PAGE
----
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M1941 Light Machine Gun
M1941 Machine Gun
Manufactured: 1940
Industry: Melvin Johnson
Barrel Length: 8.0 inches (200 mm)—16.0 inches (410 mm)
Region of Origin: United States
Users:
Effective Range: 600 m (point), 800 m (area)
Cartridge: 30-round magazines
Years Active:

1940-1945

Action: Piston-Operated

The M1941 Johnson Light Machine Gun was an American recoil-operated light machine gun designed in the late 1930s by Melvin Johnson. It shared the same operating principle and many parts with the M1941 Johnson rifle and the M1947 Johnson auto carbine.

Design Edit

The M1941 light machine gun was designed by a Boston lawyer and Captain in the Marine Corps Reserve named Melvin Johnson Jr. His goal was to build a semi-automatic rifle that would outperform the M1 the Army had adopted. By late 1937, he had designed, built, and successfully tested both a semi-automatic rifle and a prototype light machine gun. Each shared a significant number of physical characteristics and common parts, and both operated on the principle of short recoil with a rotating bolt.

Johnson's light machine gun was one of the few to operate on recoil operation and was manufactured to a high standard. It was fed from a curved, single-column magazine attached to the left side of the receiver; company brochures list a 25-round magazine as standard. Additionally, the weapon could be loaded by stripper clip at the ejection port, or by single rounds fed into the breech. The rate of fire was adjustable, from 200 to 600 rounds per minute. Two versions were built: the M1941 with a wooden stock and a metal bipod, and the M1944 with a tubular steel butt and a wooden monopod.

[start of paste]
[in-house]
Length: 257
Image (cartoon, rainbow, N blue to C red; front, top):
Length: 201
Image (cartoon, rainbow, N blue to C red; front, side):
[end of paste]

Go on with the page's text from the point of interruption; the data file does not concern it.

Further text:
The design intended to have the recoil forces to travel, along with the mass of the weapon's moving parts, in a direct line to the shoulder of the gunner. While this design minimized muzzle climb, the sights had to be placed higher above the bore.

The weapon has many parallels with the German FG 42. Both feed from the left side, and both fire from an open bolt while in automatic, and a closed bolt while in semi-auto. Both weapons were awkward to carry loaded, both with a side-mounted magazine, the Johnson had an especially lengthy single-column magazine, and this feature tended to unbalance the weapons. Despite these similarities, there is no evidence that either weapon had any effect on the design of the other. Both weapons attempted to solve similar problems, and adopted similar solutions.

Prototypes of semi-automatic rifles, 25-round magazine-fed,[citation needed] based on the Johnson LMG were also produced. The M1947 Johnson auto carbine is an example. A belt fed variant also existed

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